The EMBOSS Documentation Project

jrvalverde at jrvalverde at
Mon Jun 24 16:02:26 UTC 2002

Damian Counsell <d.counsell at> wrote:

Just my 2¢ worth

> What do users want from our documentation system?  What do we want
> from it?  How are we going to store, implement and distribute it?  Who
> should we hire to build it?  What are the prospects for making this
> work a research project in itself?  Who gets the movie rights?

1) I'd say it to be practical, readable and understandable. Readability
depends on using users' language and point of view. If they don't use it, 
it will be worthless...

2) I'd venture we want users to use, torture and exploit it. This leads
to question 5, research:

5) Make it a research project on HCI in Biosciences. What do users *in
all the various areas of Life Sciences* need to use EMBOSS? You need to
target various "markets": obviously Biologists/Molecular Biologists, which
we _believe_ we already know well, but also Medical Doctors, whose needs
are quite different but solvable with the same tools, Pharmacologists,
Population Geneticists, etc. How can one describe a program like CLUSTAL
so it is clear that it is not only useful in building phylogenies, but
also in spotting preserved/differing regions, population variability,
disease relevance, epidemiology dynamics, etc...? AND make it amenable
to all the various target users?

One may of course write looooooong encyclopedic manuals, but I fear no
one would use them (they'd be frightened). Or thousands of Howtos, but I 
fear no one can cover all possibilities. Or find out new, efficient
LifeSci HCI techniques.

3) That should be the result of the project, it might be a "documentation"
database that may be queried by examples, goals, tasks, targets, whatever.
Or a set of GUIs that embed the knowledge on using the software transparently.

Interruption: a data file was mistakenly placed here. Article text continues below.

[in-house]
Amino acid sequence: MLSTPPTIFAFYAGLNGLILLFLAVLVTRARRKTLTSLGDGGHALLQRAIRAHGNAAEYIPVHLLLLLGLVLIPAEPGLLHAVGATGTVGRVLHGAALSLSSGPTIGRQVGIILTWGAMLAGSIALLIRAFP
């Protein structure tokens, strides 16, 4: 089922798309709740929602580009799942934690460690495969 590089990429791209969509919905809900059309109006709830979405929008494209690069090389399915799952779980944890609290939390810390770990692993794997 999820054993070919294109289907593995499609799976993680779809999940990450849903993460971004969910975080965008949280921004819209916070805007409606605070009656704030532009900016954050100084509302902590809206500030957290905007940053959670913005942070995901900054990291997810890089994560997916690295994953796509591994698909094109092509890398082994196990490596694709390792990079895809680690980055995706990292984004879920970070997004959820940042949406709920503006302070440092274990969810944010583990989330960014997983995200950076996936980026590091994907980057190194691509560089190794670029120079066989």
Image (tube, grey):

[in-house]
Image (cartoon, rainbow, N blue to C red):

And should hide complexity so users do not get frightened by its volume, and
that appeals to various kinds of users, maybe with customisable or alternate 
UIs. I'm not aware of any field studies on HCI design in the Biosciences,
and there's a serious need for it. We are assuming that the interfaces that
work in other areas should also do here, but is it so? From my experience
I fear not.

Actually many people complains SRS (despite being powerful) is "difficult",
and that W2H is too complex, but they won't like simple forms either.. So,
what the hell do _they_ want? I'd really like to know. Even when they use the
tools, they rarely know something as basic as whom to acknowledge -or how 
to find out whom- for the tools used in citations. Or even if they should 
cite anything.

Had I to bet, documentation should probably be tightly integrated inside
the software UI itself, so that in addition to results it produces guidelines
on how to understand/interpret them, in addition to program listings it
produces "task identification" protocols, etc... Something quite different
from what we have now, may be akin to "wizards" or a mixture between 
a knowledge base, wizards, software, and whoknowswhat younameit.

4) So it should be someone that knows or wills to learn about a) Life Sciences,
b) Bioinformatics, c) Statistics, d) Human-Computer Interfaces, that wills
to work tightly with users, listen to them and translate what they _do_ or
would _like to do_ into easy, amenable instructions/protocols/interfaces.
Someone has to seat down with many users, interview them, generate
polls, collect statistics, implement _user_ drafts (not his/her/or their
advisor at all), and then devise new polls, collect new data and find which
do actually work in each field and why, and possibly -at the very end- try
their own hands at improving user suggested methods.

To sum it up: I'd suggest to start with a blank sheet of paper, fully from
scratch, forget everything done (except perhaps to collect user satisfaction
statistics to start up), and find out what no one else has before: what do
users really want in order to use correctly the software (i.e. making
_educated_ decisions, understanding analysis results from a critical
point of view, and doing responsible use of tools).

Which answers 6) above: credits would go to users, for they would be the actual
source of information, technical tips, UI designs, suggestions, etc.. and
thus results should revert to them (with due recognition to the catalytic
"medium", who would have to sum up statistics and conclusions in papers). 

> You are also encouraged to write to me with suggestions about
> documentation.  I'm relatively new round here so apologies if this
> message falls outside the scope of either of these lists; pretend you
> didn't see it.

Dunno if I made myself clear, just ask for anything you want. 

	Hope this helps.


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